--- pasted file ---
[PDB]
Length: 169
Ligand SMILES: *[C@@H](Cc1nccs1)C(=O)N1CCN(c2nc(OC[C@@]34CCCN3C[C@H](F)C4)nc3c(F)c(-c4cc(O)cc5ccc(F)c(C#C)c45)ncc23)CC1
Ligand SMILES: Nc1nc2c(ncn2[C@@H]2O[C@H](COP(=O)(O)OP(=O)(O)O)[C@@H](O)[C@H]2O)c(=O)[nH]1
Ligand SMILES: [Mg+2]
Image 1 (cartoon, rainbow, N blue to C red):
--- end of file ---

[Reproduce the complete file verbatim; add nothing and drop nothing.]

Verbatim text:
[PDB]
Length: 169
Ligand SMILES: *[C@@H](Cc1nccs1)C(=O)N1CCN(c2nc(OC[C@@]34CCCN3C[C@H](F)C4)nc3c(F)c(-c4cc(O)cc5ccc(F)c(C#C)c45)ncc23)CC1
Ligand SMILES: Nc1nc2c(ncn2[C@@H]2O[C@H](COP(=O)(O)OP(=O)(O)O)[C@@H](O)[C@H]2O)c(=O)[nH]1
Ligand SMILES: [Mg+2]
Image 1 (cartoon, rainbow, N blue to C red):